It’s been 38 years since the last time there was a total solar eclipse and with the next one coming up Monday, people will soon be able to experience another one in person. But just because the eclipse will be here soon doesn’t mean that it’s too late to prepare.
There's plenty to know before the event:
When is the solar eclipse?
The solar eclipse won’t last long overall, but you’ll have a lengthy window in which to see portions of the eclipse on Aug. 21. According to NASA, the eclipse will begin at around 9:05 a.m. PDT in Oregon and progress across the U.S. throughout the day. It’ll reach the Mountain West at around 10:15 AM MDT, hit the Midwest beginning around 11:30 a.m. CDT and head to the east coast at around 1:00 p.m. EDT.
If you’re fortunate enough to be in the direct path of the eclipse and catch full coverage, your window for seeing the totality will be tighter. Specific times vary by location, but the totality generally will begin around an hour after the eclipse starts. Check out NASA’s interactive map to find out when exactly you’ll be able to see the eclipse.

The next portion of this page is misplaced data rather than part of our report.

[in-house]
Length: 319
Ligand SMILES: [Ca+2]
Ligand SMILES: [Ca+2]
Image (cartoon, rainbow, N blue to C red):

Where can I find solar eclipse glasses?
For most people, there’ll be no shortage of local locations to find solar eclipse glasses. NASA suggests checking with area libraries, astronomy clubs or museums to see if they still have any giveaways for special eclipse glasses. Because the eclipse involves looking directly at the sun, standard sunglasses won’t protect you against serious eye damage.
Local retailers are a second option for finding glasses. While availability can vary widely depending on where you’re at, NASA recommends looking for glasses that meet the ISO 12312-2 standard for solar protection. With the number of third-party and independent sellers who are flooding the market in advance of Monday, make sure that your frames will provide enough protection when you’re looking at the eclipse.
Alternatively, you can choose to make your own frames for the eclipse. While these viewers aren’t the most high-tech option, they can often be a cheaper and family-friendly alternative to physical frames.
How long will the solar eclipse last?
After beginning in Oregon at around 9:00 a.m. PDT, the eclipse will finish at roughly 7:06 p.m. PDT. The exact length of the eclipse will vary depending on your location, but generally, it’ll last around two and-a-half hours from start to finish.
If you’re within the path of the totality, you’ll have a limited window to view the total blackout. Generally, this period will be within a two to three-minute window. Check out NASA’s guide for exact times on the eclipse’s length if you’re within the path of the totality.